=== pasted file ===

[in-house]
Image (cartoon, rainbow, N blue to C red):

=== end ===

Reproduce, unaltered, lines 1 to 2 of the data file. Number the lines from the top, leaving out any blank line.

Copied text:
[in-house]
Image (cartoon, rainbow, N blue to C red):